Gifu Castle was once called Inabayama Castle.  It is said that Joshu (castle lord) Nikaido Yukimasa, a butler to the Kamakura Shogunate, was the first one to build a fortress at the peak of the Mt. Kinka.  This castle was also the residence of Dosan Saito during the Warring Period.  The castle became renowned throughout the nation in August of 1567 when Oda Nobunaga, a hero incomparable to any other historic figure, captured the castle and subjugated the area.  At the same time, he changed the regional name from "Inokuchi" to :making this district a foothold for the unification of the country.  However, in August of 1600, a battle broke out before the war of Sekigahara and, because Nobunaga's grandson, Nobuhide, allied with the West Squad,  the East Squad invaded the castle.  After a fierce battle, the castle fell into the hands of the enemy force.  In 1601, Gifu Castle was destroyed, and the castle towers and turrets were transferred to Kano Castle.  The castle that stands today was reconstructed in July 1956, by the Castle Restoration Alliance.  It is a 17.7m tall reinforced concrete building of a 3-tier, 4-story structure, standing dignified in an area of 461.77m2.  Within the castle area is historical museum, and on top of the tower is an observation deck that is favored by many visitors.

Gifu Castle

Every good castle has some old samurai outfits!

Ashley with a little baby bump!

Jonathan standing on a large rock formation with the castle in the background.

A 360 degree view of Gifu ...

That's where we went for cormorant fishing a few hours later.


Cormorant Fishing is passed down through the generations, in an evocative summer spectacle, the ancient techniques of ukai (cormorant fishing) are still alive on the Nagaragawa River.  Dating back 1,300 years, the art has been patronized by Oda Nobunaga, Tokugawa Ieyasu and other great men of the past.  Revered poet Matsuo Basho even composed a famous haiku: Cormorant boat, where / Before long, what looks like fun / Perhaps ends in sorrow.  Moreover, Charlie Chaplin was so enchanted that he came to Gifu to witness the sight a second time.  The wonderful spectacle of the cormorant fishermen exercising their skills has won the admiration of artists, who make repeat visits.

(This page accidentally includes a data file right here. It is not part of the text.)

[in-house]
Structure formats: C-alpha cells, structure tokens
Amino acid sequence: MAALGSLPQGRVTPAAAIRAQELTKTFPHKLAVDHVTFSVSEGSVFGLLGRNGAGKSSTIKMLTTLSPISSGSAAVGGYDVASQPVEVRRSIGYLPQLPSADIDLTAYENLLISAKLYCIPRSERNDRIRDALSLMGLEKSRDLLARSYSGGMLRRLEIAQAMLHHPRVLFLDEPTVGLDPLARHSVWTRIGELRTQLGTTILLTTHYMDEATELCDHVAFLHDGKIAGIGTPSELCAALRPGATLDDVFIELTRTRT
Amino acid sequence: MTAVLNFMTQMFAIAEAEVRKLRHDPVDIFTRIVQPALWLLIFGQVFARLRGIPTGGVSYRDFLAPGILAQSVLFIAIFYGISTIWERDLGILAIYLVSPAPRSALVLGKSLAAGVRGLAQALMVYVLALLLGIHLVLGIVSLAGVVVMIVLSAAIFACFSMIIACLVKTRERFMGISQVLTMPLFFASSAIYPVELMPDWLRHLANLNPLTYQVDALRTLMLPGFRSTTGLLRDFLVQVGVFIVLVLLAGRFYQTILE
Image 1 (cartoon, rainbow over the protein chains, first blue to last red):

Through the amazingly skilled use of leashes, each fisherman controls ten to twelve birds.  This method of sending cormorants down, and down again, to fetch sweetfish is one of the traditional fishing methods of Japan.  The handlers, who spend time with the birds everyday, inherit the right to fish.  Because they are with the birds on a daily basis, their movements mesh smoothly with the cormorants and they display wonderful artistry when fishing with their trained birds.  Over the river surface, which is shrouded in darkness, the cormorant boats, lit by baskets of fire, slowly emerge, along with the sounds of the commands the handlers give to the birds, which commence fishing by plunging into the water all at once.

A master fisherman showing a demonstration with a cormorant.

Jonathan, the master fisherman.

Tominaga-san and his wife Kumi, Jonathan and Ashley, Toda-san, and Mayumi.

This year my pictures were much better ...

it is just so hard with no light and on a boat!

The final processional of all of the fisherman that night.